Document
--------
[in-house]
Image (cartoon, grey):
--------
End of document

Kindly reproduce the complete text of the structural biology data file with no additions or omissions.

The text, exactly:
[in-house]
Image (cartoon, grey):